The major signaling pathways flow through the hippocampus and combine to form a loop. Most external input comes from the adjoining entorhinal cortex, via the axons of the so-called perforant path. These axons arise from layer 2 of the entorhinal cortex (EC), and terminate in the dentate gyrus and CA3. There is also a distinct pathway from layer 3 of the EC directly to CA1, often referred to as the temporoammonic or TA-CA1 pathway. Granule cells of the DG send their axons (called "mossy fibers") to CA3. Pyramidal cells of CA3 send their axons to CA1. Pyramidal cells of CA1 send their axons to the subiculum and deep layers of the EC. Subicular neurons send their axons mainly to the EC. The perforant path-to-dentate gyrus-to-CA3-to-CA1 was called the trisynaptic circuit by Per Andersen, who noted that thin slices could be cut out of the hippocampus perpendicular to its long axis, in a way that preserves all of these connections. This observation was the basis of his lamellar hypothesis, which proposed that the hippocampus can be thought of as a series of parallel strips, operating in a functionally independent way. The lamellar concept is still sometimes considered to be a useful organizing principle, but more recent data, showing extensive longitudinal connections within the hippocampal system, have required it to be substantially modified.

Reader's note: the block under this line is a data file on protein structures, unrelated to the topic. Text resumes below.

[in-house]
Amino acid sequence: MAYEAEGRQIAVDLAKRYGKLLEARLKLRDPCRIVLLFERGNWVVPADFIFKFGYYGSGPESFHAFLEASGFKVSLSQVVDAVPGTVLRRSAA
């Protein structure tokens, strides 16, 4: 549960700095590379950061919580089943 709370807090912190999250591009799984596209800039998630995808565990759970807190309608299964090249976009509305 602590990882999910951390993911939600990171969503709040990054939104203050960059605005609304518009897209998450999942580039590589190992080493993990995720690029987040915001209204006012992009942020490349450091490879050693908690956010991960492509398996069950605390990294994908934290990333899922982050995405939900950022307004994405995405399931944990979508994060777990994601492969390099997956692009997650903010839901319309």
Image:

Perforant path input from EC layer II enters the dentate gyrus and is relayed to region CA3 (and to mossy cells, located in the hilus of the dentate gyrus, which then send information to distant portions of the dentate gyrus where the cycle is repeated). Region CA3 combines this input with signals from EC layer II and sends extensive connections within the region and also sends connections to strata radiatum and oriens of ipsilateral and contralateral CA1 regions through a set of fibers called the Schaffer collaterals, and commissural pathway, respectively. Region CA1 receives input from the CA3 subfield, EC layer III and the nucleus reuniens of the thalamus (which project only to the terminal apical dendritic tufts in the stratum lacunosum-moleculare). In turn, CA1 projects to the subiculum as well as sending information along the aforementioned output paths of the hippocampus. The subiculum is the final stage in the pathway, combining information from the CA1 projection and EC layer III to also send information along the output pathways of the hippocampus.